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Extinction Rebellion plots return to County Hall for latest NDR western link protest

PUBLISHED: 16:55 05 July 2019 | UPDATED: 18:22 05 July 2019

Climate change campaigners occupy Norfolk County Council chamber at budget meeting. Picture Dan Grimmer.

Climate change campaigners occupy Norfolk County Council chamber at budget meeting. Picture Dan Grimmer.

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The climate activist group which brought Norfolk County Council to a halt is preparing to return to County Hall this month.

Rupert Read from Extinction Rebellion makes speech during the Youth Strike 4 Climate demonstration outside The Forum in NorwichRupert Read from Extinction Rebellion makes speech during the Youth Strike 4 Climate demonstration outside The Forum in Norwich

With Norfolk County Council's cabinet poised to finalise its preferred route for a western link to the Northern Distributor Road on Monday, July 15, protestors from Extinction Rebellion's branch in Norwich have selected this date for their next statement.

In February, the local branch of the group occupied the chamber as full council met, bringing the meeting to an abrupt halt for more than four hours.

And on July 15, the group has planned another demonstration to coincide with the latest set of discussions over the so-called missing link to the £205m road.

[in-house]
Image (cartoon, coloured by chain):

Rupert Read, who is a local and national spokesman for Extinction Rebellion, said: "I think our last protest at County Hall was one of the group's proudest moments and we really feel like since then we have been taken much more seriously.

Andrew Proctor, leader of Norfolk County Council. Pic: Norfolk County Council.Andrew Proctor, leader of Norfolk County Council. Pic: Norfolk County Council.

"However, while I feel we've been listened to more, the fact the council still seems to want to press forward with this road shows our message has not yet been received."

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The group has been militant in its views against the proposed new road, which will link the Broadland Northway with the A47.

Dr Read added: "I can't go too much into what we have planned but there will be a robust, but peaceful protest on the day.

"Everything we do is peaceful, which is part of why I feel we have gained so much sympathy and support - people really are becoming more aware of the emergency we are in and how we are promoting it."

The last County Hall protest saw dozens of campaigners occupy the council chamber and four people arrested.

Andrew Proctor, Conservative leader of Norfolk County 
Council, however, reminded the group that while the cabinet meeting is held in public, it is not a public meeting.

He said: "People are entitled to come along and listen to what is said.

"If people want to make their points in a peaceful and dignified manner, we are happy to let them do so, but it is a business meeting for us and we need to treat it as such."

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